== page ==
UMBC Athletics Staff Bios
UMBC’s Dr. Charles Brown was promoted to Associate Vice President & Director of Athletics, Physical Education and Recreation, President Dr. Freeman Hrabowski announced on Friday, June 17, 2011.
"We are all very proud of Dr. Brown’s stellar career as Director of Athletics over the past two decades," Dr. Hrabowski said. "He has led the program with both enthusiasm and integrity, and, most importantly, our student-athletes are succeeding athletically and academically."
The Brooklyn, N.Y., native will begin his 23rd year at UMBC this September and is the longest-tenured AD in the state of Maryland. He has transformed UMBC Athletics from a struggling Division-I program to one which has fared quite well regionally and nationally for the past decade.
Dr. Brown has championed UMBC Athletics' enhanced profile by positioning the Retrievers within appropriate levels of competition. One of his first tasks was to move UMBC into a Division-I conference, which he completed in 1989-89, his first year with the university, as the Retrievers joined the East Coast Conference. UMBC won the league's President's Cup in its second conference season, but the league folded shortly thereafter. Dr. Brown was able to move UMBC into the Big South Conference the following year (1992) and successfully positioned UMBC into a much better geographic fit when the Retrievers joined the Northeast Conference in 1998. He also helped to initiate the ECAC (Men's) Lacrosse League in 1999, and most recently, Dr. Brown engineered UMBC Athletics' move to a strong and improving mid-major conference, the America East Conference in 2003.
Over the past decade, Retriever teams have won 46 league championships and made 29 appearances in NCAA Championship competition. In all five years of league play in the NEC, UMBC was awarded the Commissioner's Cup, symbolic of the conference's top overall program. In 2002, UMBC produced its first national champion, as Cleopatra Borel won the shot put at the NCAA Indoor Track & Field Championships.
UMBC has adjusted well to life in the America East Conference with a fourth-place or higher finish in the conference’s Commissioner’s Cup race in five of the last seven years. The athletic department just experienced its most celebrated year-long period in school history with the school’s first-ever men’s and women’s basketball conference titles and NCAA Tournament appearances, sweeps in back-to-back years in the America East men’s and women’s swimming and diving championships, a conference title and NCAA appearance by men’s tennis and an NCAA Tournament win over Maryland and a third straight national tournament appearance by the men’s lacrosse team.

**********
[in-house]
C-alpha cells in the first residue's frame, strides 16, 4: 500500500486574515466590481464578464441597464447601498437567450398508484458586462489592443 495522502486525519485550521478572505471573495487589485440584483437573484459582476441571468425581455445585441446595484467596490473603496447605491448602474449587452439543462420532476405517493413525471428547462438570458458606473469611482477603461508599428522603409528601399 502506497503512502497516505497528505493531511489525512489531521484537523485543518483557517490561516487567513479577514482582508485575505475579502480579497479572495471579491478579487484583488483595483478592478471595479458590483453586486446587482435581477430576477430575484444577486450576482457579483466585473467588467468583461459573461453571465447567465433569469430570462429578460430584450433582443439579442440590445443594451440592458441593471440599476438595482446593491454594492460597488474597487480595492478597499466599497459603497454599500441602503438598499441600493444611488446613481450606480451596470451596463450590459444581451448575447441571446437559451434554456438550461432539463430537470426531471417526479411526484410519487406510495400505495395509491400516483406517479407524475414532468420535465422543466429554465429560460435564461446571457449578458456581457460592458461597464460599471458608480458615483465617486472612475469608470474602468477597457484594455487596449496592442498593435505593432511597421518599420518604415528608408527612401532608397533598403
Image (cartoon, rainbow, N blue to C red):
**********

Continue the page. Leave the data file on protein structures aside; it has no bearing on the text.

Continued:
UMBC's student-athletes have excelled in the classroom, as well as the playing fields. In the last ten years, 30 student-athletes have earned Academic All-America status, and more than 54% of Retriever student-athletes are earning 3.0 or higher grade-point averages. Moreover, UMBC’s student-athletes graduate at a rate which is more than 10 percent higher than the university rate and the Retrievers’ NCAA Academic Progress Rate (APR) and Graduation Success Rate (GSR) are also considerably above the national averages.
Dr. Brown has increased the full-time faculty and staff of the athletic department from 23 full-time employees at his arrival to 63 currently. There were only 13 full-time coaches (nine head, four assistant) upon Dr. Brown's arrival; now there are 32 (14 head, 18 assistant) to ensure the Retrievers' success on and off the playing fields. New positions were created in Marketing and Promotions, Fund Raising, Facilities & Operations, Business Administration, Community Service, Strength and Conditioning, Athletic Communications, Sports Medicine and Academic Services. He also initiated the UMBC Dance Team, the Down and Dirty Dawg Band and the newly-reinstated cheerleading squad.